1/8000, 1/4000, 1/2000, 1/1000, 1/500, 1/250, 1/125, 1/60, 1/30, 1/15, 1/8, ¼, ½, 1, 2, 4, 8, 15, 30

These are typical shutter speed a camera supports ranging from 1/8000 second to 30 seconds.

Below is the cross section view of a Digital Single Lens Reflex camera. You can see the opening of the lens which is the aperture and the shutter which open and close when taking photo.

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ISO

The ISO in photography is the sensitivity of the film or image sensor to the light

Higher ISO numbers like ISO 1600, IO 3200 mean the sensor is more sensitive to the light. Lower ISO number like ISO 100 or ISO 200 mean the sensor is less sensitive to the light.

 

These three elements work together to determine the exposure and there are many combinations of these three elements that will produce “correct” exposure, meaning producing image close to 18 % gray.

For example, under certain condition and giving a fixed ISO number of say ISO 400, an aperture setting of F8 with shutter speed of 1/125 will give us correct exposure. If we change the aperture setting to say F5.6, the shutter speed that will give us correct exposure is 1/250.

ISO Aperture Shutter speed
400 F8 1/125
400 F5.6 1/250
400 F4 1/500

 

In another word, the amount of light doubles going from F8 to F5.6 and from F5.6 to F4. The amount of light also double from shutter speed of 1/500 to 1/250 and to 1/125.  We can complete this calculation with the following:

The amount of light reaching sensor doubles following the arrow direction:

Aperture: F22, F16, F11, F8, F5.6, F4, F2.8

Shutter speed: 1/8000, 1/4000, 1/2000, 1/1000, 1/500, 1/250, 1/125, 1/60, 1/30, 1/15, 1/8, ¼, ½, 1, 2, 4, 8, 15, 30

ISO: 100, 200, 400, 800, 1600, 3200, 6400

Fortunately all the modern camera have auto mode feature to auto set the ISO, aperture and speed for us. If we would like more control, there are manual mode or semi manual mode like aperture priority and shutter speed priority where we set one of the value and the camera will automatically decide the other setting for us. We will talk more about that in next article.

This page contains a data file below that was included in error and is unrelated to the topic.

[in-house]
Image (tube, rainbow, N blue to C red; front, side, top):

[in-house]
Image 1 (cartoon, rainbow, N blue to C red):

Photography – Exposure

Exposure

What is exposure?

Exposure is simply the amount of light capturing on photosensitive material like film or digital sensor.

What is correct exposure?

How much light should hit the sensor for how long?

How does the camera determine the “correct exposure? The camera has a small device inside called exposure meter or light meter that measure the amount of light hitting the sensor. It is the cumulative of light over a  duration that results in total amount of light falling on the sensor. The camera compares the result of total amount of light with a standard that is equivalent to 18 percent gray. Brighter than 18% gray, the camera will treat it as over exposed. Darker than 18% gray, the camera will treat it as under exposed.

Here is the example of 18% gray.

gray

Will the camera meter always give us correct exposure all the time?

Well, the answer is no and that is why the decent camera will have those manual buttons for us to override the setting provided by the camera.

The camera exposure metering is based on 18% gray so it provides the setting (aperture and shutter speed combination) to produce 18% gray or the mid-tone photo. Do we want all out photos to look like 18% gray mid-tone? Definitely no. Sometime we want white, sometime we want black.

For the extreme cases below, when we take the photo for the black board or the white board. What do we get straight out from the camera? Gray, 18% gray.

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Without doing anything or just using the auto mode from the camera, we are going to get under or over exposure photos under these condition. How do we change it? We can compensate for it with the exposure compensation button +/- of most camera since we know the reason behind the wrong exposure setting of the camera.

For the black board example, our camera thought it is under exposed if it give us black because it wants to give us gray and that result in over exposed photo. What we need to do is simply subtract light by compensate to the – side.

For the white board example, it is the opposite that our camera thought it is over exposed if it give us white because it wants to give us gray and that result in under exposed photo. What we need to do is simply add light by compensate to the + side.

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This applies to the scenario of beach, snow, water reflection or white wall background. Our camera meter will think it is very bright and will under expose the shot, we need to add light by compensate + to make white white and not gray.

On the other hand, in the case of black wall or subject with dark background, our camera meter will think it is not bright enough and will over expose the shot, we need to subtract light by compensate – to make black black and not gray.